Another reason I love Pentecost is how it celebrates the Spirit challenging us to listen to and respect people who speak other languages. This sentiment seems to be in short supply in our country today. These increased deportations and all this talk about building walls! Both big political parties are doing it. But it crosses a line when we start seriously talking about keeping a whole religious group our of the country. How can we who are Christian fail to recognize the mandate of the Spirit to welcome the stranger who is in fact Jesus Christ among us? We Christians are driven by the Holy Spirit into the world, forced to learn the language of others in order to spread the news that God has destabilized present arrangements in a continuing revolution call the Kin-dom of God. (WIllimon, p. 4)

I want to talk about the poem that Brian read for us this morning as another way in which the Spirit destabilizes and moves us. This poem is one of my favorites of all time and will be one of my nominations for addition to scripture if we ever really open up the canon again. The poem reflects on a real and spiritual reality in our world, something scientists have discovered and talk about in some remarkable ways.

The Earth and all that is in it – including us – was formed out of the stuff of stars, the dust left over from the explosions of supernova. Almost every element on Earth was formed at the heart of a star – especially the heaviest elements like iron and nickel. After the Big Bang, tiny particles bound together to form hydrogen and helium. Clouds of dust and gas formed under the effect of gravity, heating up as they became denser. At the stars cores, bathed in temperatures of over 10 million degrees Centigrade, heavier elements were formed.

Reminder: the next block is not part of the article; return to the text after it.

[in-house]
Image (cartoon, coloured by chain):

Eventually, different sized stars played host to all kinds of different fusion reactions and explosions forming more and more elements. The explosion of supernovas disperses the different elements across the universe, scattering the stardust which now makes up planets including Earth, and everything on it, including you and me.

You are probably thinking, as I did reading this stuff, that it’s a bit beyond your ability to comprehend. I’m with you. But even though it’s hard for me to understand, I get really excited about it. The ways in which we talk about the Holy Spirit have several analogies to these scientific discoveries.